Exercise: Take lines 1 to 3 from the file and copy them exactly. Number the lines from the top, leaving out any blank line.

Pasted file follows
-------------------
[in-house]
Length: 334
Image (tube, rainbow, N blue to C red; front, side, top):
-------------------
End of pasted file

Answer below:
[in-house]
Length: 334
Image (tube, rainbow, N blue to C red; front, side, top):